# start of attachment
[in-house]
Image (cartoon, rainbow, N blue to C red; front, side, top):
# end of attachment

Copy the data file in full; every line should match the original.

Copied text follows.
[in-house]
Image (cartoon, rainbow, N blue to C red; front, side, top):